Google has been quietly working on its next generation operating system that could eventually replace Android altogether. This new OS has been known as Project Fuchsia so far. The thing is, Android – the world’s biggest mobile OS – has a millions of apps in its ecosystem, which will need support on this new OS. Now it seems, that Android-app support will indeed be coming to the upcoming OS, thanks to a new change found in the Android Open Source Project.
As reported by 9to5Google, citing a change to the Android Gerrit, Fuchsia will use a specially designed version of the Android Runtime (as indicated by “ART” in the image below) to run Android apps. This version of ART will be installable on any Fuchsia OS device using a FAR file, which is Fuchsia’s equivalent of Android’s APK file.
Fuchsia is being created from the ground up to overcome certain limitations that Android presents, as mobile hardware gets more and more capable. The new OS should be able to work across a range of products including phones, laptops, and even smart devices. The OS is being built to be more secure, better capable to understand voice interactions and look the same across devices.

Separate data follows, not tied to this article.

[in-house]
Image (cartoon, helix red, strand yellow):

Android app support was being speculated for quite a while now, but now that it’s reported to be confirmed, the transition should be easier not only for users, but also app developers. That said, it’s still unclear in what capacity the apps will be supported, and also to what extent.
What’s also unknown as of now is how soon will we expect the OS the roll out and which devices will be the first to get it.